Leadership has many facets to it. It looks different in each organization, in each role, and even in each situation - which is part of the challenge, and also what makes it fascinating to study. As I reflect back on the set of skills I most commonly coach my executive clients and their teams on, there is one common trend. This is a secret habit, the “one skill to rule them all” if you will. And it will help those you support to grow and develop as a leader more than any other.
What is this habit, you ask? It’s simple, but not easy to do. This is the habit of watching where you place your attention.
For leaders, attention is the vehicle through which they get results. Attention governs where they invest their time and how they use their calendar. It controls how much they invest in relationships versus how much they invest in accomplishing tasks. It guides what they notice, the awareness they develop, how they interpret facts, and how they respond to challenging situations. It guides how people experience them in any moment, and therefore the influence they have.
The unusual thing about attention is that it is adaptive - it responds to what it is exposed to and is always being trained. For example, the more attention becomes divided among multiple targets in the moment (like focusing on an email while listening in a meeting), the weaker and more fractured it gets. The more it is directed to interpreting non-verbal cues in meetings, the better it gets at reading people. The more it is directed to considering strategic issues in tactical meetings, the better it gets at big picture thinking.
So why is it that attention is adaptive? Attention is a mental capacity that relies on brain anatomy. There are key regions of the brain - networks of neurons - that are responsible for attentional tasks. And this brain anatomy is always changing itself in response to experience - which is how we learn. Neuroscientists call this neuroplasticity, and it turns out that attention is governed by it just as much as learning a new motor skill (such as learning to play tennis, for example).
What can you do to help build awareness of where leaders place their attention? One simple approach is to invite leaders to write down where their attention is going in every meeting, and compare this to where it needs to go to achieve a desired result. They might jot down 3-4 times per meeting where their attention is in each moment between the following 8 categories - by placing a checkmark on the corresponding category of thinking in the moment. These 8 categories divide into relational and achievement-related uses of attention:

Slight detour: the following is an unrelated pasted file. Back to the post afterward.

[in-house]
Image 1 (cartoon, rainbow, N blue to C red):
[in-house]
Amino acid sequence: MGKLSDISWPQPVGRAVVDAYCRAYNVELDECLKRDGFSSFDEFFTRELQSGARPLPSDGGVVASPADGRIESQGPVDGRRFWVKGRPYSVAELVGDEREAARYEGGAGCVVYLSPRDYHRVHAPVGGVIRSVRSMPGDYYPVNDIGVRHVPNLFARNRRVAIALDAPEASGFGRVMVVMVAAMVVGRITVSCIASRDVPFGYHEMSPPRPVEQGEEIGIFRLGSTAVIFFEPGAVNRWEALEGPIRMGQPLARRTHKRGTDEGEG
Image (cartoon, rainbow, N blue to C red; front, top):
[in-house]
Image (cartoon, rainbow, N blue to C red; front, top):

- Relational uses of attention:
- Perceiving emotion in others: thinking or communicating about emotion in the room
- Collaborating with others: thinking or communicating about creating mutually-beneficial relationships, win-win solutions, and synergy with others
- Understanding others: thinking or communicating about different perspectives
- Individual or team development: thinking or communicating about areas for development of others - without judgment
- Achievement-related uses of attention:
- Strategic focus: thinking or communicating about company, department or long-term objectives
- Vision & purpose: thinking or communicating about a future state and possible impacts
- Execution: thinking or communicating on what, how, and when work gets done
- Decision-making: thinking or communicating about what and how decisions need to be made
From these observations on where they place their attention in individual meetings, they can add-up where attention tends to go over a day or a week. This can be a powerful form of self-awareness.
Invite leaders to try doing this exercise for a week, and then reflect on where their attention went and where they need to refocus it in the coming week to achieve their most important objectives.
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